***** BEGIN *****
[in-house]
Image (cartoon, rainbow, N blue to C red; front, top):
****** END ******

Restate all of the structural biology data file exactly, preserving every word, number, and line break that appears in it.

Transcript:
[in-house]
Image (cartoon, rainbow, N blue to C red; front, top):